15 Cliff Street
15 Cliff Street, New York City, NY
|15 Cliff Street|
15 Cliff Street
|Architect||Avinash K. Malhotra Architects|
|Number of Units||156|
|Number of Floors||30|
|Type of Roof||IRMA|
|15 Cliff Street, New York City, NY|
|Distance to Public Transit||Less than one block|
|Region||New York City|
|Municipality||New York City|
|Title of Land||Condominium|
FiDi features Wall Street, which has become a metonym for the financial markets of the United States as a whole. The area has a history of association with significant events and commerce. In 1711, the Wall Street area was made the city's first official slave market for the sale and rental of enslaved Africans and Natives by the New York City Common Council. Ironically, this was also the location of the passing of the Bill Of Rights. In 1789, George Washington took the oath of office on the balcony of Federal Hall in wall Street, in the United States' first presidential inauguration.
In the early 1800s, residential populations in the neighborhood declined, and businesses took over, a trend which slowly began to reverse in the late 1990s. Between 1860 and 1920, New York was second only to London as the world's financial capital. In 1884, Charles H. Dow began tracking 11 stocks, mostly railroads, and later his stock listings were published in The Wall Street Journal.
15 Cliff Street was originally built as luxury apartments. The building is now used as a New York University dormitory. This building was originally developed by Rockrose Development Corp., who sold to Lalezarian Properties in late 2007.
There is a cafe on the ground level of 15 Cliff Street. Restaurants and grocery are only a block or two away, as are car and bike shares. Numerous schools are within two to 6 blocks. The Metropolitan Museum of Art Store is wonderfully close, as are world-class shops including Hermes and Tiffany's.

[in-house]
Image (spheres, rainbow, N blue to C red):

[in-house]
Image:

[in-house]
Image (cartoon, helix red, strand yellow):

The Civic Center is a five by ten block area which encompasses City Hall, police headquarters, and the courthouses in Foley Square. The area is about 60 percent as dense as the rest of Manhattan. Government related activities are of course common in this area, along with including industrial activity, entertainment, and warehousing.
15 Cliff Street is a concrete structure on a foundation of piles. Construction began in 2000, and was completed in 2001. This red brick building is just under 104 yards tall, and is in the modernism style. The building is set back from the street with an open seating area in front. There are gardens and trees on the way to the canopied entrance. The building is a rectilinear form, but with varying surface depths. Fenestration is consistent across each surface, but not across the width of the building.
Structural engineering was completed by Rosenwasser/Grossman Consulting Engineers, P.C. Jacob S. Grossman, P.E., RGCE’s president and CEO, has been with the firm since 1957. The company has won several awards the field of engineering, and has completed many residential projects in Manhattan.